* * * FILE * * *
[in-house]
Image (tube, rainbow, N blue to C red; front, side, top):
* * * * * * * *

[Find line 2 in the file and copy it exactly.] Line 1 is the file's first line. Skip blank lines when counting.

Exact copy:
Image (tube, rainbow, N blue to C red; front, side, top):